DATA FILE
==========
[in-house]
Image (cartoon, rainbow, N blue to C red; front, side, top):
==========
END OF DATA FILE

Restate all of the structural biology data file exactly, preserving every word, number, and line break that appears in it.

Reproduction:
[in-house]
Image (cartoon, rainbow, N blue to C red; front, side, top):